As actors, you are vulnerable to something lurking out there I like to call the Perfectionism Monster. This monster frightens you into thinking that if you live “perfectly” you can avoid the pain of blame, judgment and rejection. And it is through such avoidance that the Perfectionism Monster makes you believe you will ultimately fit in and find success.
When actors come to Hollywood and see an abundance of beautiful faces and bodies, they often embark on the downward spiral of comparing themselves to others and feeling not good enough just as they are. During these vulnerable moments the Perfectionism Monster creeps in and whispers self-critical statements like: “I hate my body,” and “I’m not beautiful, smart or talented enough.” Such destructive statements lead to feelings of self-doubt, inadequacy and unworthiness.
Not surprisingly, research shows that perfectionism actually hampers success. In fact, it leads to depression, anxiety, addiction and blocks people from pursuing their goals because they’re afraid to make a mistake, disappoint others or fail.
Understanding the difference between perfectionism and striving to be your best is crucial in order to put the Perfectionism Monster to rest forever.Perfectionism is defined as: “a personal standard, attitude, or philosophy that demands perfection and rejects anything less.” Striving to be your best, on the other hand, focuses on healthy achievement and growth while taking into consideration who you are. The pursuit of perfectionism is dangerous and self-destructive. Perfect doesn’t exist, it is an impossible goal. The idea of wanting to be perceived as perfect is also impossible, you cannot control the perceptions of others. The elusive notion that perfect exists, robs you of time, energy, finances and, more importantly, does not allow you to value and accept the unique gifts you have to offer as an actor and a person.
Here is a plan of how people can get rid of the insatiable Perfectionism Monster before it leaves you feeling deflated, empty and depressed:
Begin with a healthy dose of balanced perspective. Hospice workers recently issued a report on the most frequently expressed regrets of people at the end of their lives, they were:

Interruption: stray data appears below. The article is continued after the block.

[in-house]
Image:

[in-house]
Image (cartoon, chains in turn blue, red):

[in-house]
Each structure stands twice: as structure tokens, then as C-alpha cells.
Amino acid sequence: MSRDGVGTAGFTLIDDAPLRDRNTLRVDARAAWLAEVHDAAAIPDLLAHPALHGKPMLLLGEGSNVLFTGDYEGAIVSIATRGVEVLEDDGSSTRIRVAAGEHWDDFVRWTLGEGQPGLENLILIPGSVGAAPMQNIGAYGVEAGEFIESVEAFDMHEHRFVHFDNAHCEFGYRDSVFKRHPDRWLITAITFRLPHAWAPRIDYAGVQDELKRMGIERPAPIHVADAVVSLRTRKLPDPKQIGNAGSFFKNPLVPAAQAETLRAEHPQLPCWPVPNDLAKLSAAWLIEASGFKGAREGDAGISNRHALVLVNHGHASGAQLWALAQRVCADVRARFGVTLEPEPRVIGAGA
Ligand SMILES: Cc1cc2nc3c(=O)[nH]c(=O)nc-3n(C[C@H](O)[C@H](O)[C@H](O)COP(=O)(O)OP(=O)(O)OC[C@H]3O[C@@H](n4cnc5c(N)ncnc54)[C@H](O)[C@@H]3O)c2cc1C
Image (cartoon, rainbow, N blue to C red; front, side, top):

- I wish I hadn’t worked so hard.
- I wish I stayed in touch with my friends.
- I wish I let myself be happier.
- I wish I had the courage to express my true self.
- I wish I lived a life true to my dreams instead of what was expected of me.
Nowhere on this list are sentiments like: “I wish I could’ve lost ten pounds, was prettier, had longer legs, whiter teeth or a clearer complexion.” In other words, none of their regrets were superficial. Instead they all focused on their internal life. In the end, they wished they focused more on paying attention to what they needed to be happy and less on what others expected of them. Success gravitates towards people who learn how to be more of themselves and less of what they think they should be for others. Meryl Streep, Phillip Seymour Hoffman and Zach Galifianakis , to name a few, have enjoyed great success by developing their talent, working hard and looking like themselves, not Ken and Barbie dolls. In fact, it is their imperfections that make them interesting, relatable and attractive actors. In this tough demanding profession, they have learned to keep it all in perspective. Life will be easier and more satisfying if you learn to let go of who you think you should be and start embracing who you are.
Here are some guidelines to help free you from the perfectionism monster: